Judi Dench health: ‘I’m not going to give in’ Actress opens up about her health battle
Judi Dench’s decades-long contribution to cinema has seen her scoop up an impressive collection of awards, including British Academy Film Awards, four BAFTA TV Awards, seven Olivier Awards, two Screen Actors Guild Awards, two Golden Globe Awards, and a Tony Award.
The actress has become a byword for ambition and achievement in the arts but her professional and personal pursuits have become increasingly challenging in recent years.
- Judi Dench unable to enjoy watching films because of failing eyesight
Speaking to Surrey Life, the actress opened about living with macular degeneration and the toll it takes on her life.
Revealing the challenges it poses to her acting career, she said: “On my scripts, my font is point-size 22, so you can imagine… If we’re doing a sonnet of 14 lines, all the others will have one page and I’ll have 14! It’s ridiculous, it’s a farce, but I’m not going to give in.”
Last year, the actress also divulged how it affects one her favourite downtime activities – going to the cinema.
Speaking at the Santa Barbara international film festival, she said: “Because my eyesight is so bad now, I can’t actually see very much and so I do go but a friend of mine usually has to say: ‘He’s kissing her now’ or ‘He’s walking away’, so a lot of things I miss – it’s not so much fun.”
According to the NHS, age-related macular degeneration (AMD) is a common condition that affects the middle part of your vision and it usually first affects people in their 50s and 60s.
It doesn’t cause total blindness but it can make everyday activities like reading and recognising faces difficult.
The exact cause is unknown but it’s been linked to smoking, high blood pressure, being overweight and having a family history of AMD.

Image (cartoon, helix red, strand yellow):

How to spot AMD
AMD affects the central part of your vision, not the edges (peripheral vision) so the first symptom is often a blurred or distorted area in your vision, explains the NHS.
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Other symptoms may include:
- Seeing straight lines as wavy or crooked
- Objects looking smaller than normal
- Colours seeming less bright than they used to
- Seeing things that aren’t there (hallucinations)
Learning to live with AMD
Speaking to Surrey Life, Judi revealed that she refuses to let the condition thwart her ambitions, even if it means undergoing an intensive treatment regime.
She said: “I just want to go on being mobile really and being able to do things. I’m not going to be beaten by my eyes for instance. I have macular degeneration, which means treatment every six weeks, but you just have to settle for it.”
There is support options available to help manage the condition and maintain quality of life.
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According to the NHS, you should speak to your eye specialist about a referral to a low-vision clinic if you’re having difficulty with daily activities.
Staff at the clinic can give useful advice and practical support. For example, they can talk to you about:
- Useful devices – such as magnifying lenses
- Changes you can make to your home – such as brighter lighting
Software and mobile apps that can make computers and phones easier to use
If you have poor vision in both eyes, your specialist may refer you for a type of training called eccentric viewing training.
This involves learning techniques that help make the most of your remaining vision.
As the NHS reports. AMD is often linked to an unhealthy lifestyle, so taking steps to improve your health may help to alleviate symptoms.
The health body recommends the following:
- Eat a balanced diet
- Exercise regularly
- Lose weight if you’re overweight
- Stop smoking if you smoke
The health body added: “There’s some evidence to suggest that certain health supplements might help stop AMD getting worse, but this isn’t definitive.
“Speak to your GP or specialist if you’re considering taking supplements for AMD. They’re not suitable for everyone.”
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